Sarah's Chess Journal
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The History and The Culture of Chess
February 28, 2004
I was involved in an online discussion about women and chess. The name "Lisa Lane" surfaced in reference to the infamous remark made by a young Bobby Fischer when he learned that she called him "probably the greatest chess player alive" :
I knew Lisa Lane was a former US Women's Chess Champion, and I knew of Fischer's remark since I had made a short web page on Fischer a while back. But what I knew was very limited so I tried to find something out more.
A picture from Sam Sloan's site.
(Notice 14 yr.old Sloan in the background)
As I've mentioned in a previous posting, there seems to be very little respect for the US Women's Chess Championship as reflected in the lack of information available. All my searching on the web turned up very little, but what little I found, I'll put there.
Lisa Lane was 21 when she won the title for the first time in 1959. This means she was probably born around 1938 in the midst of the depression. She remained the champion seemingly unopposed until 1962 when Gisela Kahn Gresser* took the title. She would win the title once more as co-champion with Gresser in 1966.
While she owned the title, it seems she was popular with the media.
She made the cover of Sports Illustrated
- August 7, 1961 Volume 15, Issue 6.
She appeared as a guest on a popular T.V. show called "What's My Line."
During the Hastings Christmas Congress, what year I can't say, she quit in the middle and went home. The media reported her explaining that she was homesick and in love.
She was in love with Neil Hickey.
Neil Hickey is editor-at-large of The Columbia Journalism Review. The former naval officer was TV Guide's New York Bureau Chief for 25 years. A graduate of Loyola, Hickey he won the Everett C. Parker Award for Lifetime Achievement for his writings on telecommunications in 1995.
Bobby Fischer supposedly refused to play in a tournament because a woman was playing. That woman was Lisa Lane.
Bobby Fischer collaborated in writing his well-known Chessworld article in which he named whom he considered the 10 greast players of all time. His collaborator was Neil Hickey.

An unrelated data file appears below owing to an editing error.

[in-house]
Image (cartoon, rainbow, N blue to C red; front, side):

Besides Lisa Lane, Bobby Fischer is the only other chess player to grace the cover of Sport's Illustrated - though she beat him by 11 years.
Bobby Fischer and Lisa Lane where both taught/coached by US Chess Hall of Famer, John (Jack) W. Collins (who died December 2, 2001).
Fischer and Lane seem somehow linked and star-crossed.
I couldn't confirm it, but one source claimed she had opened a a chess club in New York City in 1964 called the Queen Pawn. (Maybe it should be the Queen's Pawn, which would make more sense to me)
Since 1971 she's owned a natural food business in Putnam County, NY located at 69 Gleneida Ave., Carmel, called Amber Waves of Grain. According to the internet, it's still in operation.
"I hate anyone who beats me."
A quote I've seen at several places attributed to Lisa Lane
Gisela Kahn Gresser was the first woman in the United States to gain a master title. She was also the first American woman to be inducted into the U.S. Chess Hall of Fame. She was US Women's Chess Champion 1944, co-champion with Mona M. Karff in 1948, 1954, co-champion with Nancy Roos in 1955, co-champion with Sonja Graf in 1957, 1962, 1965, co-champion with Lisa Lane in 1966, 1967 and 1969 (at age 63).
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